Does This Compliment Sandwich Taste Funny to You?

Photo by Sandra Seitamaa on Unsplash

Eight words.

“Hey, can I see you in my office?”

Whatever important tasks hung spinning in the air around you darken to match your widening pupils, then plummet to the floor in a slow-motion Broadway disaster. Eight words and the serene, ever-smiling avatar of your boss.

Great, what did I do this time? Your gaze narrows into a slit, hackles rise. Your heart sees the onrushing flood of adrenaline and mounts a hasty half-baked escape plan consisting of a single bullet point:

• punch hole through shirt.

Office chair still twirling drunkenly, you begin the eternal ten meter death march toward your boss’ office, mind reviewing and cross-checking all recent team interactions, tickets closed, emails sent. The shattered remains of your previous mental state crunch noisily under your Crocs.

“Please, please. Have a seat.” She smiles. Smoothing your skirt, you take a seat, trying to decide what nonchalant looks like, wishing the unhinged pile driver operator in your chest would take a lunch break.

“Listen, Alice,” She begins. “I just wanted to commend you for getting that report in on time last week. That was some quality work.”

Wow, she noticed my work! She never notices anything. Your eyes widen slightly in surprise, then begin beaming uncontrollably like two stalwart lighthouses, proudly sweeping the sea as a beacon to hard workers everywhere.

But there was something else. She shifted slightly in her chair, fiddled with a bracelet.

“There’s just one thing… { REDACTED: Flaming criticism }

The lighthouses flumped and abruptly switched off. Ships crashed against the rocks. Sailors struggled, prayed, sank.

“Also, I really appreciate your punctuality. You’re always on time!” She puts on her most winning smile. “How do you do it?”

“I uh…” One of the sailors might have escaped the wreckage, clinging raggedly to drifting flotsam. “I… set my alarm?”

You got served — a compliment sandwich

You just saw someone get served a compliment sandwich. The compliment sandwich consists of two layers of praise surrounding a juicy core of criticism. It’s meant to soften the blow a bit, to butter up the recipient, make them more receptive to the criticism.

As illustrated in the vignette, however, chowing down on a compliment sandwich can leave you with a bad aftertaste. Let’s discuss the pitfalls of this managerial delicacy, and if there’s any recipe that can save it.

The problem with compliment sandwiches

Alice felt real good when her boss complimented her about getting that report in on time. But those feelings were short-lived.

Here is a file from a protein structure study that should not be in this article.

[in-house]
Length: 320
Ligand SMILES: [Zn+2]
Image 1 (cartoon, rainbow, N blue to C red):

An intelligent person, Alice could tell that her boss was merely wielding a psychological tactic on her, and clumsily. Her boss rarely complimented her on other occasions, so Alice correctly picked out the criticism as the true payload of the message. The insincere compliments were just fluff, noise, padding, an annoying carrier wave.

In the end, Alice didn’t swallow a sandwich. She picked off the moldy compliment bread and swallowed down acrid criticism tuna.

It’s not the sandwich, it’s the sandwich maker

As a thought experiment, what if Alice’s boss was in the habit of sincerely complimenting her employees, if every day she made a practice of “catching them doing something good?”

For one thing, the compliments would come out less awkward, less forced. As she trained her brain to see the good, she’d find herself seeing good everywhere.

Everyone would grow used to receiving sincere praise as warm as freshly baked bread. If one day a particular employee happened to get a hero roll featuring a slice of roast critique, it would likely go down easy, and appreciatively.

With an established history of dolling out loaf after delicious loaf from her compliment bakery, Alice could even consider taking the compliment sandwich off the menu. The air saturated with the warm aromas of trust, respect, and appreciation, she could lob an errant teammate a corrective meatball — straight up kind criticism, no filler, no filter, no layers. Perhaps they would appreciate her honesty and respect for their dignity as intelligent people.


A call for empathic transparency

We work with intelligent people. They see right through fumble-fingered attempts at psychological manipulation. You’re saying, “You do great at X”, and they’re thinking, “OK, can we just get to the criticism already?” The compliment, however sincere, loses value. The next time someone pays them a similar compliment, they may likely be reminded of the sharp sting of your criticism instead.

That’s the problem with using psychological manipulation techniques in general. Once people start feeling manipulated, they’ll start to suspect you of harboring hidden angles and agendas in everything you do and say, even when your behavior and intentions are as on-the-nose as they come.

Don’t try to be a shrink — be sincere. If someone really needs to work on something, just let them know, kindly. Make a compliment sandwich if you must, but only if you’re already known as the resident baker extraordinaire.

Ty Walls
Digital Construction Worker

Ty Walls is a software engineer in love with creating, learning, and teaching.